Recognizing the #FreeBritney movement

One of the world’s biggest pop stars, Britney Spears, was forced into a conservatorship after suffering a public mental health crisis in 2008. Ever since, her career, finances and personal life have been controlled by her father, Jamie Spears, and others. 

Throughout history, men have controlled women in many ways, and Jamie Spears’ treatment of Britney is no exception. In this case, he has exploited all aspects of her life simply because she showed symptoms of mental illness. 

Millions of people face mental health conditions but that alone is no reason to warrant total control over a person’s life. But the unfortunate fact is that once a woman is labeled “mentally unstable,” it can diminish future credibility in authoritarian eyes.

Recently, the case took an even scarier turn when she lost all body autonomy. Spears requested in court that those in charge of the conservatorship permit her to remove her IUD so she can have a third child — but she was denied. 

Because abortion rights are being revoked in Texas and potentially in other states, it is crucial that people recognize her strength, while also realizing what happened to her is not an isolated incident; in actuality, it is happening to women around the world. 

Conservatorships are arranged for people who cannot take care of themselves. Throughout the past 13 years, Spears has sold 4 hit albums, headlined a global tour that grossed over a hundred million dollars and performed for four years in a Las Vegas residency. Despite these successes, the conservatorship team did not permit her freedom. 

After years of battling and a threat to sue, the court ruled on Sept. 29 that Jamie Spears be removed from the conservatorship. He only agreed to step out after officially being promised $1.2 million in attorney’s fees, plus compensation. Although this is a monumental step, it does not mean the end of her conservatorship. 

In an effort to expose the conservatorship abuse, Netflix and Hulu recently released respective documentaries covering the Spears case. 

In “Britney vs. Spears,” directed by Erin Lee Carr, several interviews of people in Britney’s life were conducted, from former boyfriends to geriatric psychologists, in order to gauge the reasonability of her situation.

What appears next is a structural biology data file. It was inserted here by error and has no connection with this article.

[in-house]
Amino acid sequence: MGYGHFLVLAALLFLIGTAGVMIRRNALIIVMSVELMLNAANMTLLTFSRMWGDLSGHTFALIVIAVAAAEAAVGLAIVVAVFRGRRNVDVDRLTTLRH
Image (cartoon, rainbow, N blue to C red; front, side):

During an interview with probate conservatorship attorney Tony Chicotel, he affirmed "Let me put it this way: I've represented dozens of conservatees in court. Not one of them has ever had a job." Britney’s case is all the more rare and difficult to grasp, being that she doesn’t just have a regular old job.

The Hulu documentary from The New York Timesentitled “Controlling Britney Spears,” follows a similar structure and includes an interview with a former employee of the security firm that guards Spears. To give insight regarding how much she was monitored, he disclosed that the company placed listening devices in her bedroom, as well as mirrored her phone.

The terrifying details of her conservatorship brought to public attention is massive for her case, yet thus far, sympathy has not accomplished enough. Both of these documentaries make powerful arguments for the amendment or outright removal of the conservatorship. 

Over the past few years, the #FreeBritney movement has grown exponentially, with marginalized communities voicing their own experiences and rallying, not just for the singer, but for freedom in the bigger picture. 

Spears’ hypervisible case exemplifies a struggle we can all empathize with in one way or another. With government measures posing an even bigger threat to women's reproductive rights as well as LGBTQ+ rights this year, the concept of freedom for all has become outlandish. 

When our own choices can only do so much under a fake democracy, we have become disillusioned with the idea of freedom.

The abortion ban proposed by the conservative majority in the Supreme Court could have a direct cost on constitutional rights under Roe v. Wade. As so many American women fear the court’s decision to strip these protections, Spears' case is especially significant: She represents all of the freedoms women in the US have fought so hard to obtain.

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